Amid the framing work, the roof was lifted and moved back into place. (“Do you know how much a roof costs?” Sucha asked.)
Then, a crew of cousins, Wade and Spencer Frederick, and friends Alan Pischel and Saul Compert installed a new shell of steel siding, the same tan and black colors as before. It all had to be done precisely, Vanderlei said.
“Joe (Pinkelman) is very particular,” he said. “He always says, ‘Perfect is good enough.’ ”
On Monday, the carpenter cavalry from Lincoln arrived in the form of a convoy of three pickups from Brester Construction, towing trailers full of equipment, tools and materials. The mother of the company’s owner is Sucha’s cousin.
Chris Brester said he tries to promote a spirit of “giving back” among his employees, giving them 48 hours a year of paid leave to volunteer for efforts ranging from disaster relief to coaching little league baseball.
So after the flood hit, he sent out an email asking workers if they had friends and relatives affected.
The flooding spared Lincoln, so there were only a couple of responses. So Brester sent another message: “I kind of feel selfish, but my mom’s cousin lost everything ... ”
Sucha told him that if he could donate some materials, that would be great. Brester, who hadn’t seen Sucha in 20 years, said no way, we’re coming up to install it.
The crew from Brester paneled the interior of the cafe last week, and graded and smoothed the still waterlogged parking lot.
Sign up for World-Herald news alerts
Be the first to know when news happens. Get the latest breaking headlines sent straight to your inbox.
“It’s easy to say we’ll just give some dollars,” said Brester’s general superintendent, Mac McInerny. “It’s important to us to have an impact.”
But money was important. Sucha had no flood insurance. Federal disaster agencies will provide low-interest loans but no cash, and she still owed on a mortgage on the cafe, which she has operated, on and off, for 25 years.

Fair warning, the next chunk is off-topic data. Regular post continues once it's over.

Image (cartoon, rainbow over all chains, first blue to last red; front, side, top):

“I was praying for a miracle,” she said.
Then her phone rang. The caller said he was Joe Ricketts, the billionaire founder of Omaha-based TD Ameritrade and the father of Gov. Pete Ricketts, who had trudged through the mud to visit the gutted cafe shortly after the flood.
“I thought it was a prank call at first,” said Sucha, who had already encountered an ambulance-chasing attorney the day after the flood.
But a check soon arrived (she wouldn’t say for how much), and donations also were sent to two nearby businesses leveled by the ice and floodwaters and to the Niobrara golf course, which was covered by ice, mud and debris.
“Bless his heart,” Sucha said. “He said he was all about small business.”
By Thursday afternoon, the Brester boys had completed the interior rebuild and headed home. Installing the kitchen and moving in tables and chairs is next.
Once the village of 370 people gets its sewer system up and running again (it awaits some parts), then the Country Cafe will be back in business.
Sucha said she can’t wait to see her regular customers again, as well as the turkey and duck hunters, truckers, and fishermen who swing through town.
It will be months before the area gets back to normal. The bridge just west of Niobrara on Nebraska Highway 12 washed out, and a temporary bridge won’t be in place until August or so. One family is shuttling a student across the river there by airboat until classes at the Niobrara school end for the summer.
Still, Sucha is optimistic.
“It will be good one way or another,” she said. “It will be good.”